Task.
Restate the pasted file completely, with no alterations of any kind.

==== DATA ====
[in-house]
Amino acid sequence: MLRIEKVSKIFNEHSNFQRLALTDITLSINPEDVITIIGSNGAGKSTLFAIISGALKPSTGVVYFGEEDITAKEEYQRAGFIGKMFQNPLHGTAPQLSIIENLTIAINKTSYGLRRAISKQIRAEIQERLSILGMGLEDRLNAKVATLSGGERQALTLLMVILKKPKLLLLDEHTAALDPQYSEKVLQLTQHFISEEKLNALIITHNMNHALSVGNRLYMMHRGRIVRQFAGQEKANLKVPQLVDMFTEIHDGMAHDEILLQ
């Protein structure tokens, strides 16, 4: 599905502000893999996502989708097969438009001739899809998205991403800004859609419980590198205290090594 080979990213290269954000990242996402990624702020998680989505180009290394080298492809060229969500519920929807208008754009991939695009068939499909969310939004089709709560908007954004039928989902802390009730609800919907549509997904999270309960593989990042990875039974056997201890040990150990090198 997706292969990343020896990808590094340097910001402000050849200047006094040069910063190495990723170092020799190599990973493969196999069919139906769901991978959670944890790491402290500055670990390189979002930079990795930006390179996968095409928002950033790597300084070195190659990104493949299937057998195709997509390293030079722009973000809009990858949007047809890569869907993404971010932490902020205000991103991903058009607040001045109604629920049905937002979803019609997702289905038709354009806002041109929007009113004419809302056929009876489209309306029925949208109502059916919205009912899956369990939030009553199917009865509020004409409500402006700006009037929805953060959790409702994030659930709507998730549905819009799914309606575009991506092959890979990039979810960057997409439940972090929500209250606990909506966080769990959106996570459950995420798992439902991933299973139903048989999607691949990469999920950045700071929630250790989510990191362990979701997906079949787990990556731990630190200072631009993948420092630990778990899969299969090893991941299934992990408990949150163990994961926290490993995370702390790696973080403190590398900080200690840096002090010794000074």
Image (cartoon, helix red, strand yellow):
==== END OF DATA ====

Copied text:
[in-house]
Amino acid sequence: MLRIEKVSKIFNEHSNFQRLALTDITLSINPEDVITIIGSNGAGKSTLFAIISGALKPSTGVVYFGEEDITAKEEYQRAGFIGKMFQNPLHGTAPQLSIIENLTIAINKTSYGLRRAISKQIRAEIQERLSILGMGLEDRLNAKVATLSGGERQALTLLMVILKKPKLLLLDEHTAALDPQYSEKVLQLTQHFISEEKLNALIITHNMNHALSVGNRLYMMHRGRIVRQFAGQEKANLKVPQLVDMFTEIHDGMAHDEILLQ
């Protein structure tokens, strides 16, 4: 599905502000893999996502989708097969438009001739899809998205991403800004859609419980590198205290090594 080979990213290269954000990242996402990624702020998680989505180009290394080298492809060229969500519920929807208008754009991939695009068939499909969310939004089709709560908007954004039928989902802390009730609800919907549509997904999270309960593989990042990875039974056997201890040990150990090198 997706292969990343020896990808590094340097910001402000050849200047006094040069910063190495990723170092020799190599990973493969196999069919139906769901991978959670944890790491402290500055670990390189979002930079990795930006390179996968095409928002950033790597300084070195190659990104493949299937057998195709997509390293030079722009973000809009990858949007047809890569869907993404971010932490902020205000991103991903058009607040001045109604629920049905937002979803019609997702289905038709354009806002041109929007009113004419809302056929009876489209309306029925949208109502059916919205009912899956369990939030009553199917009865509020004409409500402006700006009037929805953060959790409702994030659930709507998730549905819009799914309606575009991506092959890979990039979810960057997409439940972090929500209250606990909506966080769990959106996570459950995420798992439902991933299973139903048989999607691949990469999920950045700071929630250790989510990191362990979701997906079949787990990556731990630190200072631009993948420092630990778990899969299969090893991941299934992990408990949150163990994961926290490993995370702390790696973080403190590398900080200690840096002090010794000074």
Image (cartoon, helix red, strand yellow):